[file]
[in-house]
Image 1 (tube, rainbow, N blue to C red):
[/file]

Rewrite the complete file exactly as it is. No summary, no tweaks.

[in-house]
Image 1 (tube, rainbow, N blue to C red):